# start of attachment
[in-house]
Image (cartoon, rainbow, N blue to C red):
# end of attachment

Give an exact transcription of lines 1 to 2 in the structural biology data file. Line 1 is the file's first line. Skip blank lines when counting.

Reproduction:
[in-house]
Image (cartoon, rainbow, N blue to C red):